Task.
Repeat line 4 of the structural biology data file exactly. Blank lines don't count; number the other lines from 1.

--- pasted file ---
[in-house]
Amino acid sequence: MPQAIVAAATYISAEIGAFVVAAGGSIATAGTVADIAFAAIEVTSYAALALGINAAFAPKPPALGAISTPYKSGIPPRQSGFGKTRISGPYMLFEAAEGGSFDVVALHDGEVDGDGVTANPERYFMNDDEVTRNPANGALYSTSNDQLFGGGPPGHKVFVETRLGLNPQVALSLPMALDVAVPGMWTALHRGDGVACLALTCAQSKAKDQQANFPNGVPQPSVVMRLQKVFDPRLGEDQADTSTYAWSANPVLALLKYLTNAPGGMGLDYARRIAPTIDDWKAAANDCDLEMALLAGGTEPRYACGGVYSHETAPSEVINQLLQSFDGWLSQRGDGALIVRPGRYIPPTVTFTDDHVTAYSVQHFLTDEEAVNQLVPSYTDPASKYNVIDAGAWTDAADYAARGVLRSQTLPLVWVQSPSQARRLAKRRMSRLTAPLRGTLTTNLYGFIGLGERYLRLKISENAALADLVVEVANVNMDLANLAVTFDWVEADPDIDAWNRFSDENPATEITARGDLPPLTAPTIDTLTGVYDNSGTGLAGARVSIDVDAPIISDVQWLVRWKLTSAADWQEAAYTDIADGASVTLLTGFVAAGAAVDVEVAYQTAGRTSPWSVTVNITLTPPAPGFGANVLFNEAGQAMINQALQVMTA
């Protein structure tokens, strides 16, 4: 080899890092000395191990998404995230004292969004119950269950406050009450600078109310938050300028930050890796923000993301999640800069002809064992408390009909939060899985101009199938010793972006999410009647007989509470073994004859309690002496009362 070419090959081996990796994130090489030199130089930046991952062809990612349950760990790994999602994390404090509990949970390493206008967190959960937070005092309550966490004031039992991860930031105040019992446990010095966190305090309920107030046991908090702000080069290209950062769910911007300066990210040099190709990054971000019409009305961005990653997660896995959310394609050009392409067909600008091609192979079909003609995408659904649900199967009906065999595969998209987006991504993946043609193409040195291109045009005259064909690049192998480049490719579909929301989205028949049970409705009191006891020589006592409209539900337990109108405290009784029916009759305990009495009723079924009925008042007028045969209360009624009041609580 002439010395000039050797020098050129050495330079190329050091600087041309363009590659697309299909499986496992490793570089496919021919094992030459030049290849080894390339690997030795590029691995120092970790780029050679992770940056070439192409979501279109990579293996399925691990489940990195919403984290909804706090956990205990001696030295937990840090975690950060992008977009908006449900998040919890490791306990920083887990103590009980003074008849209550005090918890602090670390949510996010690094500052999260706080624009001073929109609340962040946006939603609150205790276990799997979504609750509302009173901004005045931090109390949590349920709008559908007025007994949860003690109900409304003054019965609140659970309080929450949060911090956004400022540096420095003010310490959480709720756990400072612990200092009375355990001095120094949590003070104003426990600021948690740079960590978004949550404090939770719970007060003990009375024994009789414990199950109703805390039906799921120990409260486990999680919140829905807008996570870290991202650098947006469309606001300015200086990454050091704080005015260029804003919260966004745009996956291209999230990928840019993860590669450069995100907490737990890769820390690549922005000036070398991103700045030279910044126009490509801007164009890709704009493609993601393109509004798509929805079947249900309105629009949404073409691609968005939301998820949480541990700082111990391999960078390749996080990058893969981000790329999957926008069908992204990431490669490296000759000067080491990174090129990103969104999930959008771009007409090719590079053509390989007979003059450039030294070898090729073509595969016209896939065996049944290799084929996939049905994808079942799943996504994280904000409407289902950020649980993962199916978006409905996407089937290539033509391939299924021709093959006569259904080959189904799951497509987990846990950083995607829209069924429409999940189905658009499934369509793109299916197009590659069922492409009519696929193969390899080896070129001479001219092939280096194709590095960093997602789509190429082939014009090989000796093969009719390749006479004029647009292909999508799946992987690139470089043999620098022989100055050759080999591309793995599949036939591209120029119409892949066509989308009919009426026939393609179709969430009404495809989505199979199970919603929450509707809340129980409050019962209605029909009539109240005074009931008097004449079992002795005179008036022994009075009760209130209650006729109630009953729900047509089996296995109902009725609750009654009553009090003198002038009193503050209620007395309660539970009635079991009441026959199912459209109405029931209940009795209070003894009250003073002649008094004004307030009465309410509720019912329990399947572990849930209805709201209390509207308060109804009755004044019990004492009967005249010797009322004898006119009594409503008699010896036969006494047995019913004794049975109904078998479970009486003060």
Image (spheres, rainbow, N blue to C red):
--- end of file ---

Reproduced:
Image (spheres, rainbow, N blue to C red):